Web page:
Screencapture from the NRSC attack ad against John Fetterman
The National Republican Senatorial Committee released a TV ad on June 3 that attacks U.S. Senate candidate John Fetterman because of his ties to Bernie Sanders and other progressive politicians.
“This ad is frankly laughable,” says Fetterman campaign spokesperson Joe Calvello in a statement.
Fetterman, Pennsylvania’s lieutenant governor since 2018, recently won the Democratic primary for the U.S. Senate and will face either Mehmet Oz or David McCormick in the fall campaign, depending on the outcome of a revote for the Republican nomination.
“To be clear, John cannot be labeled because he is not like other politicians, and voters across Pennsylvania know that, and they know John, that’s why he just won every county in the primary,” says Calvello. “Some cheap looking ad that is chock-full of inaccuracies is not going to change that.”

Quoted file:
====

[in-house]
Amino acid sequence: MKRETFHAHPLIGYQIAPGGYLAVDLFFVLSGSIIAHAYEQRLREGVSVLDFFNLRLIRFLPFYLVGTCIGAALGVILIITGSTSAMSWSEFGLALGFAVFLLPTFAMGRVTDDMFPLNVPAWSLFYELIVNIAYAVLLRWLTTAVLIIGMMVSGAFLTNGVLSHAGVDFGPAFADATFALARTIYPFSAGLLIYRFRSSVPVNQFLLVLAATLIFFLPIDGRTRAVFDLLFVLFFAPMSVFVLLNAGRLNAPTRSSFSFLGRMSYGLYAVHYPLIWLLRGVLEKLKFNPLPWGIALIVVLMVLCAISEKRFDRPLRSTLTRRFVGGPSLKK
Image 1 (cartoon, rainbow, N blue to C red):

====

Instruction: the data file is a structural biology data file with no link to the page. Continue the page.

The 30-second ad shows a white van with a large Fetterman campaign sticker on the side, and a group of “supporters,” who are clearly actors, banging on the side of the vehicle and clapping their hands.
The actors then take multiple fake protest signs out of the van, including handwritten quotes like “End fracking, no more oil,” “AOC is QUEEN,” and “Republican=Bigot.”
In his statement, Fetterman’s spokesperson poked fun at the video, which includes an actor aggressively slapping a bumper sticker reading “Fetterman loves Biden” onto the van.
“And by the way what’s the deal with the white van? Is that the same van Dr. Oz used to move to PA a few months ago?” says Calvello.
The NRSC calls Fetterman “Bernie Sanders’ favorite Senate candidate” and “a socialist’s dream Senator” in a statement announcing the release of the ad, adding that “radicals from around the country couldn’t be more excited to support John Fetterman and his agenda.”
Throughout the video, the ad claims that Fetterman sided with socialists, backed a government takeover of health care, and supported the Green New Deal.
The ad is scheduled to run through Thu., June 16 on broadcast and cable TV, according to Politico, which says the NRSC put in “just under $1.5 million behind the ad.”